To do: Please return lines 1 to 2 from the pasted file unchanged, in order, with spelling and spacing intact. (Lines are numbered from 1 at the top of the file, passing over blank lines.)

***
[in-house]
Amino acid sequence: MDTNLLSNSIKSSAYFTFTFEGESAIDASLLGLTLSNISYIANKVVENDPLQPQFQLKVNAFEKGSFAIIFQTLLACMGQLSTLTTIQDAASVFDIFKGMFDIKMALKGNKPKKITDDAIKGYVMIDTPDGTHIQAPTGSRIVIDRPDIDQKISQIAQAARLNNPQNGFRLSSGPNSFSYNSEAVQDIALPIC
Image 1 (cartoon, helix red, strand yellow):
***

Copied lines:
[in-house]
Amino acid sequence: MDTNLLSNSIKSSAYFTFTFEGESAIDASLLGLTLSNISYIANKVVENDPLQPQFQLKVNAFEKGSFAIIFQTLLACMGQLSTLTTIQDAASVFDIFKGMFDIKMALKGNKPKKITDDAIKGYVMIDTPDGTHIQAPTGSRIVIDRPDIDQKISQIAQAARLNNPQNGFRLSSGPNSFSYNSEAVQDIALPIC